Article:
Australia Taxpayers Funding $59m In Government Ads For 2022 Election

Australia Taxpayers Funding $59m In Government Ads For 2022 Election
B&T Magazine
Edited by B&T Magazine



Aussie taxpayers will contribute at least $59m for government advertising campaigns in the lead-up to the 2022 election.

Voters can expect to see ads spanning the topics of cybercrime, online safety, the jobtrainer program, domestic violence, recruiting a carer workforce and, of course, climate change.

The Department of Industry, Science, Energy and Resources spent $12.9m, excluding GST, on the Positive Energy campaign, according to AusTender contracts and evidence to Senate estimates.

This spending included $10.7m on ad buys, $1.8m on creative work, $1m on public relations, $488,000 on market research, $190,000 on evaluation, and $138,000 on a website.

The education department spent $6.7m on a campaign for the jobtrainer program.

This included a $5.17m contract for ad spots, $1m on creative, and $543,000 on PR, communications and market research.

The campaign runs form October 2021 to June 2022.

Another $13.3m was spent by the Department of Social Services (DSS) in its A Life Changing Life campaign, which seeks to increase disability support, aged care and veterans’ support workforce.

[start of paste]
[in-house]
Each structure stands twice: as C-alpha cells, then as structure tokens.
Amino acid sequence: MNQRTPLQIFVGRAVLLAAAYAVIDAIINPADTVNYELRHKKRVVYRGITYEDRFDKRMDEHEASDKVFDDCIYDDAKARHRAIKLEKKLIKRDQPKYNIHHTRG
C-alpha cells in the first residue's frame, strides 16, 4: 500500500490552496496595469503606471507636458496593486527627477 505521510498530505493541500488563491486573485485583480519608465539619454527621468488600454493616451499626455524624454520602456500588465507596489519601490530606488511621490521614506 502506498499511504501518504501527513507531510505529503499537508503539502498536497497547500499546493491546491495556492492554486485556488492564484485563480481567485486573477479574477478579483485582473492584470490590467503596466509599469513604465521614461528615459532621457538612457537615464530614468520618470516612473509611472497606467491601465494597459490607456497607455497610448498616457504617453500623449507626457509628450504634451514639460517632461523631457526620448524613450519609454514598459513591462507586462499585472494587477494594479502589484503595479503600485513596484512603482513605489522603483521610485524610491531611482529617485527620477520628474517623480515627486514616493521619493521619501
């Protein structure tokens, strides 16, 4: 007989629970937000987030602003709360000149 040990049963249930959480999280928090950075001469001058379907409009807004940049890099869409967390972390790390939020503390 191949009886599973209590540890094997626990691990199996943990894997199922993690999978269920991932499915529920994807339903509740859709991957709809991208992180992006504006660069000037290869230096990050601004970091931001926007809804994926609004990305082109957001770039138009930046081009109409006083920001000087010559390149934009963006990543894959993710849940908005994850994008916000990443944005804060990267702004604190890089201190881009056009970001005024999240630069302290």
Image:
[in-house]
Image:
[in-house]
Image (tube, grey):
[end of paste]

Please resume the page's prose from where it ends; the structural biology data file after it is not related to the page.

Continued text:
This campaign runs from August 2021 to June 2022.

The DSS is also responsible for the Stop it at the Start campaign against domestic violence, including $4.3m for ad spots to run from November 2021 to February 2022.

The treasury spent $1.55m on creative services for a campaign related to the Your Super Your Future superannuation measures running to June 2022, with an additional $1.9m of contracts for PR, market research and evaluation of that campaign.

The treasury also paid $13.2m for ad spots in a contract that ended in October 2021 for the same campaign.

The ATO paid $203,500 for the “tax and super basics” advertising campaign to run until October.

$3.4m was spent by the home affairs department on ad spots for its “beat cybercrime in our down time” campaign which encourages Aussie to control their cyber security. An additional $600,000 was spent on PR, creative and evaluation for the campaign.

It was launched in October and runs until June.

The communications department spent a total of $767,000 on three contracts for campaigns promoting online safety, while $470,000 was spent by infrastructure on advertising and market research.

The shadow special minister of state, Don Farrell, said of all the spending: “There’s a place for government funded advertising. But Scott Morrison has turned it into a publicly funded marketing exercise for himself and the Liberal party.”

Taxpayers will also pay $187m for Tourism Australia, as Australia re-opens its borders and an additional $2.25m for SEO in China.

The Australia Bureau of Statistics also spent $28m on advertising for the census this year.




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